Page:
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Who loves a little backbow?

Discussion in 'Hardware, Setup & Repair [BG]' started by Wilbyman, Jul 4, 2005.

  1. Wilbyman


    Sep 10, 2003
    Parkersburg, WV
    I recently acquired a bass owned by Jacochops (Matt P) and I loved the setup he did on it. The neck relief seemed dead straight and the playability was off the heezy. I showed it to a friend who has done setups for me in the past... his observation: "it actually has a little backbow". OK, fine. It feels great!

    I tried to set up my Smith with extra low relief, and got it where it seemed to be flat. The playability is similarly great. Again, my friend's observation is "a little backbow." I guess I'm blind...I have a hard time seeing it.

    So, will playing with this minute backbow screw prompt some weird fretwear or anything? Does anybody else enjoy a slightly inverted neck relief?
  2. Figjam


    Aug 5, 2003
    Boston, MA
    I think it may appear to have backbow to him, but if it honestly did i think it would have massive playability issues. The neck is most likely just straight. I enjoy my neck straight. I have very little relief on my musicman sterling. I set it so its straight and tehn i do just a little relief, maybe 1/8 turn loosened, so that it only buzzes on frets 1-5 if i dig in a lot. Then for me, its perfect.
  3. Wilbyman


    Sep 10, 2003
    Parkersburg, WV
    That sounds about right. I honestly have a hard time seeing the backbow. It would be a somewhat buzzy setup if you were playing with a hard attack, but I play pretty light and don't have any buzzing going on. It probably is straight, per yours and Joshua's comments. I'm starting to realize how getting "your setup" dialed in makes a huge difference in not only playability, but sound and response as well.
  4. There is a LOT of room for playability in that 1/8 - 1/4 turn of the TR around the point that the neck is straight. I was talking with Gard about a setup on a Roscoe 3006 and he said that although Keith likes them flatter than a plate of pee when they leave the shop, Gard's tastes dictate a 1/8 turn off to give it a hint of relief. I'm sure that small amount is measurable but it might not be visible.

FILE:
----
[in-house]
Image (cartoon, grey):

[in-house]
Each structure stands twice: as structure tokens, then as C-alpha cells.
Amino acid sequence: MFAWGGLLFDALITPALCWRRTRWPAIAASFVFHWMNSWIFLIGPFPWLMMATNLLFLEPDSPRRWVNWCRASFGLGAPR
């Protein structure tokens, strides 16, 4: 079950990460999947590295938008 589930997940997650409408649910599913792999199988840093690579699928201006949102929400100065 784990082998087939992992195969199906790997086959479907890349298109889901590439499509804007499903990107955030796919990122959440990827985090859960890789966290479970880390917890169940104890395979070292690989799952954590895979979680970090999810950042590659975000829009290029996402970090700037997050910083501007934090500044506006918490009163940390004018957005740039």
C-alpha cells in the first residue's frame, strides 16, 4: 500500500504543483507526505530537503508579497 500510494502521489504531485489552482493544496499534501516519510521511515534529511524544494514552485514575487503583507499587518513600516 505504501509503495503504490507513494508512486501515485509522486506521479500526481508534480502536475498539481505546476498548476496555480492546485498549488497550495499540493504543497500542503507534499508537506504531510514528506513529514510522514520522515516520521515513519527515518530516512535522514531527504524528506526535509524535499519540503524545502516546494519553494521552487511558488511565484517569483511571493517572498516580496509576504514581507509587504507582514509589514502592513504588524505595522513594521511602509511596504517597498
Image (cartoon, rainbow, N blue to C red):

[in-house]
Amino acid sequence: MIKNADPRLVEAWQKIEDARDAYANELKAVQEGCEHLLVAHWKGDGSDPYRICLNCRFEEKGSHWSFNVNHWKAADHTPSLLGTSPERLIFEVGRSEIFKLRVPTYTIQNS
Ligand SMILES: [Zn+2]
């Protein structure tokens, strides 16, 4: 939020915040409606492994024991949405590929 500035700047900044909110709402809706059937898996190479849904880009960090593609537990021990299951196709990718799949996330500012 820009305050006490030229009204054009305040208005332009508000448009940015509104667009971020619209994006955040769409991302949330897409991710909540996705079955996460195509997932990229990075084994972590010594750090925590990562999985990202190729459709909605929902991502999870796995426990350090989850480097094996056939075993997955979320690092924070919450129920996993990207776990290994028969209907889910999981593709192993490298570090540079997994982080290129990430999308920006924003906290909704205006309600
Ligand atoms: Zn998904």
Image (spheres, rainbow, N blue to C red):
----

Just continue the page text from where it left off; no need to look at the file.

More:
I leave it to the pro's to tell me when they can feel these small changes and what they want me to do to achieve them. Me? Shoot, a 1/4 turn usually doesn't affect my playing one way or the other :rolleyes:
  5. Wilbyman


    Sep 10, 2003
    Parkersburg, WV
    When you get down to that "vicinity of flatness" on the truss rod, is there anyway to tell (other than guessing) when you've got it dead flat? It seems like it's visually pretty difficult to spot changes at the point.
  6. jeffhigh


    May 16, 2005
    You really can't tell by just looking at it.(sighting down the neck) You have to either use a straightedge or use the string as a straightedge. you either have clearance at the centre of the neck(relief) or not.
  7. +1

    Put a capo on the first fret and then depress the first fret that contacts the body (15th or so)...now press down the string around halfway between these two points...If she moves at ALL, then there's relief...simple as that
  8. Chef

    Chef Moderator Staff Member Supporting Member

    May 23, 2004
    Columbia MO
    Staff Reviewer; Bass Gear Magazine
    The G&L manual specifies ~.018 between the string and fret at the 7th position with 1 and 12 fretted. I tend to like a little less....
  9. when i got my jazz back from madolin bros.(famous guitar shop OF THE PROS here on staten island,lol) after the put my badass on the neck had the slightest relief on the neck. It was sure purrty to play but there was alot of buzz but it was good buzz(oxymoron?) it didnt come threw the amp. I resently had to ajust the neck because of the humidity change and i cant get it like it was and i dont feel like paying $100 for there setups.